Calendar of Events

Can’t make it live for one of our Virtual Programs?
The day after the event, ticket-holders will receive
a link to the recording, valid for one week.

Masks and proof of vaccination are required for all in-person events.

Most of our programs are offered free of charge.
Please consider making a donation to support future programming.
And help us fight the proposed development next door!

 

JUNE

Thursdays in June, July, and August, until 8 p.m.
Summer Evenings in the Garden
The Museum & Garden are open LATE on Thursday evenings all summer long, with live music and guided tours on select evenings. FREE; no reservations.

June 2, 6 p.m.Live Music by Jazz Flutist Cheryl Pyle
June 9, 6 p.m.Guided House Tour
June 16, 6 p.m.Live Music by Classical Vocalist Mina Cuesta. Mina is a student at the Juilliard Extension Program, and currently sings with the Essential Voices Chorus under the direction of Judith Clurman, Manhattan School of Music. She has performed with the New York Pops, at Carnegie Hall, and at Opera America.
June 23, 6 p.m.Guided House Tour
June 30, 6 p.m.Guided House Tour

 

On View through September 25
On Exhibit: 19th Century Dressing Gowns from the Tredwell Costume Collection
In 19th century polite society, what women wore was dictated by the time of day; to understand and adhere to this was a show of good taste. The interval between when a lady rose from her bed in the morning and dressed for her day was no exception.

According to Florence Hartley’s Ladies Book of Etiquette (first published in 1860), “The most suitable dress for breakfast is a wrapper made to fit the figure loosely.”

The dressing gown, or wrapper, was an informal, functional garment, to be worn only at home, in the boudoir, or in the company of close family members or servants. On display, items from the collection. Included with regular admission.

 

On View through September 25
Exhibition: “Finest Surviving:” Ornamental Plasterwork at the Merchant’s House Museum
The 1832 Merchant’s House is one of only 120 buildings in New York City distinguished as an exterior – and interior – landmark. Its intact original ornamental plaster work is considered the “finest surviving” from the period. Learn how the plaster walls, ceilings, and ornamentation in the Merchant’s House were created in the 19th century. On display, original 1832 plaster fragments, as well as molds and plaster casts created by sculptor and ornamental plasterer David Flaharty, who used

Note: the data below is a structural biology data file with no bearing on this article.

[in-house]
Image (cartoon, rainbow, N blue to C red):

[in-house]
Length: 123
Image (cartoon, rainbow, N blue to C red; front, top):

the same methods as the early 19th century artisans during a house-wide restoration in the 1970s.

This exhibition also commemorates the 10-year anniversary of our fight to protect the house – and in particular, the 1832 plasterwork – from proposed development next door. Included with regular admission.

 

JULY

Thursdays in July and August, until 8 p.m.
Summer Evenings in the Garden
The Museum & Garden are open LATE on Thursday evenings all summer long, with live music and guided tours on select evenings. FREE; no reservations.

July 7, 6 p.m.Live Music by Jazz Flutist Cheryl Pyle
July 14, 6 p.m.Guided House Tour
July 21, 6 p.m.Live Music by Classical Vocalist Mina Cuesta. Mina is a student at the Juilliard Extension Program, and currently sings with the Essential Voices Chorus under the direction of Judith Clurman, Manhattan School of Music. She has performed with the New York Pops at Carnegie Hall, and at Opera America.
July 28, 6 p.m.Guided House Tour

 

Sunday, July 10 & 24, 12:30 p.m.
Walking Tour – 19th Century NoHo: A Century of Change
In Person!
(Second & Fourth Sunday of Every Month)
Join us for a journey back in time to the elite ‘Bond Street area,’ home to Astors, Vanderbilts, Delanos – and the Tredwells, who lived in the Merchant’s House. You’ll see how the neighborhood surrounding the Tredwells’ home evolved from a refined and tranquil residential enclave into a busy commercial and cultural center during the 19th century.
Tours are 75 minutes and begin outside the museum. $20, FREE for Members. Purchase walking tour tickets here. Become a Member here.